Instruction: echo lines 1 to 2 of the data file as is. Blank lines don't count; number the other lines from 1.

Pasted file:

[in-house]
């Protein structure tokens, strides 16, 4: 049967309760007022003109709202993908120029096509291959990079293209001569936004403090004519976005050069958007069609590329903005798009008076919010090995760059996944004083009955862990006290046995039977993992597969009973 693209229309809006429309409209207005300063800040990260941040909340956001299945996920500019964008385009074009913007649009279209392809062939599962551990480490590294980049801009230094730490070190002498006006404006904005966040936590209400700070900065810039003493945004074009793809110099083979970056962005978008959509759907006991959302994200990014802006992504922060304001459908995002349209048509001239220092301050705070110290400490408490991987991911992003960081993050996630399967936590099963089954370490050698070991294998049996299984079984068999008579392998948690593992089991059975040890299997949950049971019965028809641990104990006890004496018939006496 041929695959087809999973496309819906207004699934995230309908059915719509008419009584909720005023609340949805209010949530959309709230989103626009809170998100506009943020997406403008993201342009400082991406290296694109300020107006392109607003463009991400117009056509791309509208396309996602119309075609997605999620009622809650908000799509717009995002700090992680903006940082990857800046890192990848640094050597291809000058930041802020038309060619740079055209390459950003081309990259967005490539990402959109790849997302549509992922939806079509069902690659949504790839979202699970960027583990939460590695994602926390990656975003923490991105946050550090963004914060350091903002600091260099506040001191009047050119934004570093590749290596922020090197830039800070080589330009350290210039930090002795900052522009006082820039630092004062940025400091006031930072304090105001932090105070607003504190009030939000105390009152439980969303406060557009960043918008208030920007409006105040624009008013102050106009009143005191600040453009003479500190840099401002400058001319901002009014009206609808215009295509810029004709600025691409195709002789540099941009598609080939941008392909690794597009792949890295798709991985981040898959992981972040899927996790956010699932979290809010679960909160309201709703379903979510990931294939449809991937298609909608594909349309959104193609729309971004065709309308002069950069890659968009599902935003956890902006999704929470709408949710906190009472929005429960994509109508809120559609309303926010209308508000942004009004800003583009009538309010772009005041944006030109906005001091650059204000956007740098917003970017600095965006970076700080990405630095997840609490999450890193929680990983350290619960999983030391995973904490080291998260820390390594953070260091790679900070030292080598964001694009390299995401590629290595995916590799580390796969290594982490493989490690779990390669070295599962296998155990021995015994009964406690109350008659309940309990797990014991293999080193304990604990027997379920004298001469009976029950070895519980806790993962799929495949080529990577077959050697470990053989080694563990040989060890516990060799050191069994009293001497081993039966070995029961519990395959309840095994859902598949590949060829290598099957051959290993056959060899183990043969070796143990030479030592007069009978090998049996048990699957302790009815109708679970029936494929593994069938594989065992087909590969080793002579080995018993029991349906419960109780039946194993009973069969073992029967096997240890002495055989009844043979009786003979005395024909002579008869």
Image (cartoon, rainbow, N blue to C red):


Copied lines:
[in-house]
């Protein structure tokens, strides 16, 4: 049967309760007022003109709202993908120029096509291959990079293209001569936004403090004519976005050069958007069609590329903005798009008076919010090995760059996944004083009955862990006290046995039977993992597969009973 693209229309809006429309409209207005300063800040990260941040909340956001299945996920500019964008385009074009913007649009279209392809062939599962551990480490590294980049801009230094730490070190002498006006404006904005966040936590209400700070900065810039003493945004074009793809110099083979970056962005978008959509759907006991959302994200990014802006992504922060304001459908995002349209048509001239220092301050705070110290400490408490991987991911992003960081993050996630399967936590099963089954370490050698070991294998049996299984079984068999008579392998948690593992089991059975040890299997949950049971019965028809641990104990006890004496018939006496 041929695959087809999973496309819906207004699934995230309908059915719509008419009584909720005023609340949805209010949530959309709230989103626009809170998100506009943020997406403008993201342009400082991406290296694109300020107006392109607003463009991400117009056509791309509208396309996602119309075609997605999620009622809650908000799509717009995002700090992680903006940082990857800046890192990848640094050597291809000058930041802020038309060619740079055209390459950003081309990259967005490539990402959109790849997302549509992922939806079509069902690659949504790839979202699970960027583990939460590695994602926390990656975003923490991105946050550090963004914060350091903002600091260099506040001191009047050119934004570093590749290596922020090197830039800070080589330009350290210039930090002795900052522009006082820039630092004062940025400091006031930072304090105001932090105070607003504190009030939000105390009152439980969303406060557009960043918008208030920007409006105040624009008013102050106009009143005191600040453009003479500190840099401002400058001319901002009014009206609808215009295509810029004709600025691409195709002789540099941009598609080939941008392909690794597009792949890295798709991985981040898959992981972040899927996790956010699932979290809010679960909160309201709703379903979510990931294939449809991937298609909608594909349309959104193609729309971004065709309308002069950069890659968009599902935003956890902006999704929470709408949710906190009472929005429960994509109508809120559609309303926010209308508000942004009004800003583009009538309010772009005041944006030109906005001091650059204000956007740098917003970017600095965006970076700080990405630095997840609490999450890193929680990983350290619960999983030391995973904490080291998260820390390594953070260091790679900070030292080598964001694009390299995401590629290595995916590799580390796969290594982490493989490690779990390669070295599962296998155990021995015994009964406690109350008659309940309990797990014991293999080193304990604990027997379920004298001469009976029950070895519980806790993962799929495949080529990577077959050697470990053989080694563990040989060890516990060799050191069994009293001497081993039966070995029961519990395959309840095994859902598949590949060829290598099957051959290993056959060899183990043969070796143990030479030592007069009978090998049996048990699957302790009815109708679970029936494929593994069938594989065992087909590969080793002579080995018993029991349906419960109780039946194993009973069969073992029967096997240890002495055989009844043979009786003979005395024909002579008869």